elidbugg's comment above is very pertinent to your bargaining position. Has your new employer actually agreed to pay you outright for your client list? I was once in a situation where I brought my existing clients to a competitor and negotiated a larger than typical percentage take on each job (I had a modest basic salary too), plus some equity in the other company - there was never any talk of selling my client list for cash. That was a different industry, though.

It does sound like you might be dealing from a position of necessity here (but I might be wrong!) as your revenue isn't that large and you appear to feel the need to go and work for someone else that maybe offers greater opportunity and stability.

useruseruser
03-24-2014, 03:01 PM
As much as you can get. That's the simple answer. Make sure not to let them bully you , Let them know that your assets are valuable to their business. Just make sure not to get a bad deal. I wish you all the best if you go through with it.

dancarthy
07-28-2014, 10:02 AM
Well I hope my comment didn't come too late, but you should read this guide before you do anything. It's a step-by-step guide and the first paragraph titled right away "How much is my business worth?" http://firmgains.com/prepare/how-to-maximise-the-success-of-your-business-sale/

I hope it will help.

MahaKarthi
10-15-2015, 09:06 AM
The selling methodology depends on the nature of the business and the bidding rates. At times it may be high or comparatively low because of the demand of any product or service.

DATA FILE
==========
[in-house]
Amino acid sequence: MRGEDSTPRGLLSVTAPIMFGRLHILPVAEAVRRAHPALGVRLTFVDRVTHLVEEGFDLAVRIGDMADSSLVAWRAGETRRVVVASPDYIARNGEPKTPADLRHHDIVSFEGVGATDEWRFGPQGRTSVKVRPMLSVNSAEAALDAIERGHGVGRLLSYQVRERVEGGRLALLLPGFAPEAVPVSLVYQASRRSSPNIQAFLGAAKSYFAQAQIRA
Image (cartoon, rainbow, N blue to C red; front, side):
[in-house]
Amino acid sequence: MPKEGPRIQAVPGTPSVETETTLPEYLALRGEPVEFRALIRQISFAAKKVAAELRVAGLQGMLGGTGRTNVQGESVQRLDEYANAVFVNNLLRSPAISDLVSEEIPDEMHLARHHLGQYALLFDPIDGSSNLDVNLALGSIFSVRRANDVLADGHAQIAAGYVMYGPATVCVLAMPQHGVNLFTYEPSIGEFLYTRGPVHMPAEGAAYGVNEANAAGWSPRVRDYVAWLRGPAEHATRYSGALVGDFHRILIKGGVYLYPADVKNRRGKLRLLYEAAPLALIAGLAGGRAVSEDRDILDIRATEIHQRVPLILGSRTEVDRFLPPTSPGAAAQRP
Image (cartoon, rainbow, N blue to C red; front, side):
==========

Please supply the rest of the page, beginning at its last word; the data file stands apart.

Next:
DouglasSSaucier
10-25-2015, 02:43 AM
The selling methodology depends on the nature of the business and the bidding rates.

Malik Suleman
12-11-2015, 11:12 AM
I have a small but successful computer consulting business with a service industry client base (no residential clients). A large competitor wants to hire me (and of course bring my clients with me to the comapny). I am not selling my name, inventory, or anything else. These clients represent about $60,000/year in net revenue. If completed, this would help the buyer expand its cutomer base in a neighboring city they are trying to get established in. The buyer has all the necessary infrastructure and personnel in place to support these clients without a significant drain on its resources (remember, this is a much larger company).

I have done some cursory research, and spoken to a few people, and I have come up with anywhere from 1-3 times the annual income. Is there a formula to determine the value? Would a CPA or a financial advisor know? Or should contact an attorney to help in negotiation?

you should contact an attorney.

James S.
01-06-2016, 08:18 AM
The valuation is typically based on not one but several years of net profit. For smaller and regular (not hyped startups) companies it is usually 4-5 years back. Aim for 5-6 and maybe they settle with 4 or 5 :)

Encarnaciondavid
03-09-2016, 06:22 AM
you must market and used all media for marketing

ruhiangel
11-12-2019, 03:20 AM
Subtract the cost from the sale price to get profit margin, and divide the margin into the sale price for the profit margin percentage. For example, you sell a product for $100 that costs your business $60.

TangelThor
06-29-2020, 06:40 AM
If you're considering selling your successful website, learn how to determine your website's value and the best resources to help you find potential buyers.

monica8297
11-01-2020, 03:49 AM
I think you are talking a such.

Lilykevin86
02-11-2021, 04:09 AM
In July 2018 I sold my first business for $285000, which for me was a gigantic achievement :). The amount you sell yours for relies upon numerous variables.

Lilykevin86
04-09-2021, 11:48 PM
What do you need for your telephone? What amount would you say you are selling your telephone for? What's the cost of your telephone? "At" can be utilized at costs. I purchased Apple at $10.